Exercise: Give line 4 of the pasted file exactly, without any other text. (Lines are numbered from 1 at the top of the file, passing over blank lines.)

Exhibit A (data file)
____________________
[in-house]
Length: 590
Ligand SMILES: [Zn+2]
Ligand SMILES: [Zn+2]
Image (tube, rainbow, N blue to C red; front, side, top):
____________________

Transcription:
Ligand SMILES: [Zn+2]